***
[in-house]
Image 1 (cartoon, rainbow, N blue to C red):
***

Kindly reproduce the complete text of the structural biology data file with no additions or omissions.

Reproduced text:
[in-house]
Image 1 (cartoon, rainbow, N blue to C red):